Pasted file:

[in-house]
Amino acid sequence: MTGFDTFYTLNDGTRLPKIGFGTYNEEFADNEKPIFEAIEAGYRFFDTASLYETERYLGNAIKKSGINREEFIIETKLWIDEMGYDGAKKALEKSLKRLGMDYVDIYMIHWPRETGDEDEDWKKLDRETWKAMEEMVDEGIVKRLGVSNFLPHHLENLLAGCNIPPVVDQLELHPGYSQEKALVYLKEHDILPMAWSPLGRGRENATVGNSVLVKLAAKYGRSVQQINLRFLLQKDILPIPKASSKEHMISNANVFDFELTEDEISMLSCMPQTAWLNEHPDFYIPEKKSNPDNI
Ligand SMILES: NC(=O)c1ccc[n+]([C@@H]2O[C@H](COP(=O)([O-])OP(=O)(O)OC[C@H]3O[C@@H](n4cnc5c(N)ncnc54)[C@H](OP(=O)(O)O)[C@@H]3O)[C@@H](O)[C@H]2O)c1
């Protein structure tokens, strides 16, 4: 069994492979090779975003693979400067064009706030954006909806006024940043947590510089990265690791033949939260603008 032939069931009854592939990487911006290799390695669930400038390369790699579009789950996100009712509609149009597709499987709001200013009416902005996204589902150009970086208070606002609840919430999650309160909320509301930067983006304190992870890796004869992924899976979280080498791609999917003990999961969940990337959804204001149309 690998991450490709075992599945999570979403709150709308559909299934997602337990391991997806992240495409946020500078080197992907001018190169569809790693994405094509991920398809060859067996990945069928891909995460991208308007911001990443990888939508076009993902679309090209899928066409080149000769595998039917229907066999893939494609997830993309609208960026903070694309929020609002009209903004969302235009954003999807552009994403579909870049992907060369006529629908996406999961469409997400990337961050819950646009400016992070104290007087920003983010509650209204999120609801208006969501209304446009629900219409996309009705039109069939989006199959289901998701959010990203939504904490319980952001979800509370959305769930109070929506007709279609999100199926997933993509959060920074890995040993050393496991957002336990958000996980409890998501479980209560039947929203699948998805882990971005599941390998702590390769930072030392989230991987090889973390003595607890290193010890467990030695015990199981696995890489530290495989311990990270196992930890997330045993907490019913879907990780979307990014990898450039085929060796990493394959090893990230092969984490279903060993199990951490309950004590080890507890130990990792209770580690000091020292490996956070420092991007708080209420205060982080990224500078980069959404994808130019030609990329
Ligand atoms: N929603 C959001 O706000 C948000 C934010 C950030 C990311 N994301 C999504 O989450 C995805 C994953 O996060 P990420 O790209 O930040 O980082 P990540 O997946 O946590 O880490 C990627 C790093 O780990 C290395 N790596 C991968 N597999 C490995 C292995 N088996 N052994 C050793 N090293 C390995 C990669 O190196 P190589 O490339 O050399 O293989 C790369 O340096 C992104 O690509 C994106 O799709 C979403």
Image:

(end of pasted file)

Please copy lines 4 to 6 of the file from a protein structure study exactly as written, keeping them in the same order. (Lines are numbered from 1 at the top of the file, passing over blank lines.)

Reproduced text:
């Protein structure tokens, strides 16, 4: 069994492979090779975003693979400067064009706030954006909806006024940043947590510089990265690791033949939260603008 032939069931009854592939990487911006290799390695669930400038390369790699579009789950996100009712509609149009597709499987709001200013009416902005996204589902150009970086208070606002609840919430999650309160909320509301930067983006304190992870890796004869992924899976979280080498791609999917003990999961969940990337959804204001149309 690998991450490709075992599945999570979403709150709308559909299934997602337990391991997806992240495409946020500078080197992907001018190169569809790693994405094509991920398809060859067996990945069928891909995460991208308007911001990443990888939508076009993902679309090209899928066409080149000769595998039917229907066999893939494609997830993309609208960026903070694309929020609002009209903004969302235009954003999807552009994403579909870049992907060369006529629908996406999961469409997400990337961050819950646009400016992070104290007087920003983010509650209204999120609801208006969501209304446009629900219409996309009705039109069939989006199959289901998701959010990203939504904490319980952001979800509370959305769930109070929506007709279609999100199926997933993509959060920074890995040993050393496991957002336990958000996980409890998501479980209560039947929203699948998805882990971005599941390998702590390769930072030392989230991987090889973390003595607890290193010890467990030695015990199981696995890489530290495989311990990270196992930890997330045993907490019913879907990780979307990014990898450039085929060796990493394959090893990230092969984490279903060993199990951490309950004590080890507890130990990792209770580690000091020292490996956070420092991007708080209420205060982080990224500078980069959404994808130019030609990329
Ligand atoms: N929603 C959001 O706000 C948000 C934010 C950030 C990311 N994301 C999504 O989450 C995805 C994953 O996060 P990420 O790209 O930040 O980082 P990540 O997946 O946590 O880490 C990627 C790093 O780990 C290395 N790596 C991968 N597999 C490995 C292995 N088996 N052994 C050793 N090293 C390995 C990669 O190196 P190589 O490339 O050399 O293989 C790369 O340096 C992104 O690509 C994106 O799709 C979403």
Image: